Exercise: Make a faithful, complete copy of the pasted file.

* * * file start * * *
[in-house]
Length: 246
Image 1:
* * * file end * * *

[in-house]
Length: 246
Image 1: